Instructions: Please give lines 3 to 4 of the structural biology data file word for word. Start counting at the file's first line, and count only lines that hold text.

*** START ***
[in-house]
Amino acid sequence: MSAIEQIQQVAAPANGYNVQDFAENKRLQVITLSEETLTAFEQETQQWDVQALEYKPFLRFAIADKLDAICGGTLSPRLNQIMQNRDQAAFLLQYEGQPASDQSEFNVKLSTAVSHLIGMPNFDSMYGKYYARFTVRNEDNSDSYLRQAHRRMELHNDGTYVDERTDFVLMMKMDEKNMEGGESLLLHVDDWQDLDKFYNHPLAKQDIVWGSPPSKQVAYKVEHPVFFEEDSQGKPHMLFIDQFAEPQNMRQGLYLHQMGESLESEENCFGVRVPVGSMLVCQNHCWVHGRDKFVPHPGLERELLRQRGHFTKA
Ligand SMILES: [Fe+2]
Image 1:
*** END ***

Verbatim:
Ligand SMILES: [Fe+2]
Image 1: